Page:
For bamboo to be turned into bamboo viscose, cellulose is extracted from the plant through the use of harsh chemicals.
It is then fed through a spinneret so the strands can solidify to make a fibre. Among the chemicals used in this process are sodium hydroxide, sulfuric acid, and carbon disulfide.
These chemicals are incredibly harmful to living creatures and the environment. The use of chemicals in factories affects factory workers, pollutes the air, and infects nearby water systems. I don’t know about you, but I wouldn’t warrant this just so I could have plush bamboo underwear!
To make things worse, depending on the factory, chemicals such as carbon di-sulphate and zinc sulphate are released as bi-products during the viscose process. Both these chemicals are highly toxic to water-based organisms. If the chemicals are not disposed of as hazardous waste, they’re washed away into water systems.
Bamboo is generally grown and harvested in mono plantations. Mono plantations mean only one type of plant, bamboo in the case, is planted in one area. Often forests and established ecosystems are removed to make way for mono plantations, and biodiversity is decreased. Plantlife, animals, insects, and the general ecosystem become more susceptible to disease, have access to less food, and the environment is usually stark and barren.
The bamboo is produced in a closed-loop system. Is that okay?
Unfortunately, even when bamboo fabric is produced in a closed-loop system, there will always be toxic waste. If the company is able to provide evidence that the toxic waste is disposed of responsibly, that is great. If they blatantly deny that any waste is produced and claim to be 100% closed loop, that is really suspicious. I would personally walk away.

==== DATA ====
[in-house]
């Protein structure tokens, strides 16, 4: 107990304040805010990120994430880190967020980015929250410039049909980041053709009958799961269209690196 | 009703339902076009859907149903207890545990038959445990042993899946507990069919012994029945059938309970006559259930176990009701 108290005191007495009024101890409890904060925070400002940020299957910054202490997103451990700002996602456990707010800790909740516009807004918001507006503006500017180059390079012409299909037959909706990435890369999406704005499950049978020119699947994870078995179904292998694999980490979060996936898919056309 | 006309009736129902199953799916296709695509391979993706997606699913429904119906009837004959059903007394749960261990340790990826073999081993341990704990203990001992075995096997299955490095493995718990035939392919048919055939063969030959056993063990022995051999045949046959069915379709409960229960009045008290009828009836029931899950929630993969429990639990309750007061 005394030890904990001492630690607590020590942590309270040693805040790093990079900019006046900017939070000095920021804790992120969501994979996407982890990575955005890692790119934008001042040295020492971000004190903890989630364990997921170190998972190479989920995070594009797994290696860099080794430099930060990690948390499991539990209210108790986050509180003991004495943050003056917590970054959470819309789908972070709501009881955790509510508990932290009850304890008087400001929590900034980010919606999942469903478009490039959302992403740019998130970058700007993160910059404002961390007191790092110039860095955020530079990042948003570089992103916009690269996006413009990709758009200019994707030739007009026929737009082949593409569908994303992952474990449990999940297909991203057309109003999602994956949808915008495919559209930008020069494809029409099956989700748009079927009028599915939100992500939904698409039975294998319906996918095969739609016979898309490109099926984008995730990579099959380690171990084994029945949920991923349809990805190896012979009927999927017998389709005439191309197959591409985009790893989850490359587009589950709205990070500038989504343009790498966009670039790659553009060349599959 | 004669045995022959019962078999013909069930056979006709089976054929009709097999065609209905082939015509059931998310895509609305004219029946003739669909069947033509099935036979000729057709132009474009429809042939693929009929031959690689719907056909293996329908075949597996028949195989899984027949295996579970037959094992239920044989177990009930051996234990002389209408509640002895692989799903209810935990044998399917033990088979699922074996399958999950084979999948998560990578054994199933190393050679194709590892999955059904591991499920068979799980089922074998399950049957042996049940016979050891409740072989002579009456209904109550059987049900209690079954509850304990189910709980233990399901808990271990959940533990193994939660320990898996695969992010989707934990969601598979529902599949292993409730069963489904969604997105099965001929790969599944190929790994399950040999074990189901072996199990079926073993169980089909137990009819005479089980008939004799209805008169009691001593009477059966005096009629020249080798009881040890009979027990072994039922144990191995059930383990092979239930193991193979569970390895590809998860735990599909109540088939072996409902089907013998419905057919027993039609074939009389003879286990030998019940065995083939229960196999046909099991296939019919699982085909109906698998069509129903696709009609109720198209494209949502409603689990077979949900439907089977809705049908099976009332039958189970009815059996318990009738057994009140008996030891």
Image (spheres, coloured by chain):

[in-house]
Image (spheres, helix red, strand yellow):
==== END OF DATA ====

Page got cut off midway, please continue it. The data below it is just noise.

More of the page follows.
But my bamboo clothes are OEKOTEX Standard approved!
The OEKOTEX Standard is good for our bodies as it ensures there are no chemicals left in the garment when complete, and therefore no chemicals come into contact with our skin when we wear the clothes.
Yet, OEKOTEX does not refer to the chemicals used during the production process or ensures they were disposed of responsibly.
In a nutshell, OEKOTEX ensures clothes are safe for the humans who wear them, but not for the environment or anyone else involved in the making of the garment.
This bamboo investigation has taught me that are endless layers to everything, the landscape is constantly changing and it’s almost impossible to keep up. Regardless of the complexity, it is so important to understand our clothes from seed to garment; staying ignorant isn’t an option anymore. Shop wisely.
I live and breathe sustainable living and ethical fashion. This alternative way of consuming and existing dominates my every waking moment- and sometimes more. Ethical fashion and living are no longer my hobbies, it has become my mission... to change the future of fast fashion and the way we consume. My husband and I strive to live a zero-waste lifestyle, live at thrift stores, and always look to 'up-cycle' rather than throw out. Eco-living is not a choice for me, it's in my blood, and I am trying with all my power for it to be the new 'norm'.